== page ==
LA wanted 2024 yet were forced to concede and wait a bit longer, albeit with plenty of caveats on offer. Their third Olympics – previous games were held in 1932 and 1984 – came not only with a bumper $1.8 billion (Dh6.6bn) gift from the IOC but also the agreement of increasing the amount of revenue shared as well as waiving a further $50m (Dh183.6m) in fees.
The IOC has also agreed to not take their normal 20 per cent share of any surplus that’s left over, thus giving the green light for LA organisers to bring domestic sponsors in, which could result in hundreds of millions of dollars.
Advance payments of $180m (Dh661m) to ease having an extra four years in which to plan will be made while $160m has been earmarked to help boost youth sports in the area. Those kind of sums normally surface after the last race has finished, not before the starting gun has sounded.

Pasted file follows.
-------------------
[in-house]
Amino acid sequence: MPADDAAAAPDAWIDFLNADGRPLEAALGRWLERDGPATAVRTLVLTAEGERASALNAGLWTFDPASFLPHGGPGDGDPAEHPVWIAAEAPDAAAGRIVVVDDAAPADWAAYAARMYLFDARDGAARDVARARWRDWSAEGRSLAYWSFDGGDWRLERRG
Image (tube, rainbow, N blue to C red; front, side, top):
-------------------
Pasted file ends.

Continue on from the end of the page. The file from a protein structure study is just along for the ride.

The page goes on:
The IOC were fretting with no interested parties and felt obliged to shower LA, the only city in the fight, with gifts, wiping their hands clean of the inherent risks which come bestowed onto hosts.
“What we were able to negotiate, this deal was too good to pass up,” Mayor Eric Garcetti said in an attempt to win ‘Understatement of the Year.’
Almost all the venues and stadia will already be in place – the new $1 billion home for the newly acquired Chargers and Rams NFL teams will be over 10 years old by the time the Olympics rolls around.